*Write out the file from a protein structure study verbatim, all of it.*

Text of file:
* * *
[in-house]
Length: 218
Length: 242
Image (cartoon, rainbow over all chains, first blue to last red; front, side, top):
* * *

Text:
[in-house]
Length: 218
Length: 242
Image (cartoon, rainbow over all chains, first blue to last red; front, side, top):